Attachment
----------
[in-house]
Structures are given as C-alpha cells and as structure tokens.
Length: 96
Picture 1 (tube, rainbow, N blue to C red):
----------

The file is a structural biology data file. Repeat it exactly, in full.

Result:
[in-house]
Structures are given as C-alpha cells and as structure tokens.
Length: 96
Picture 1 (tube, rainbow, N blue to C red):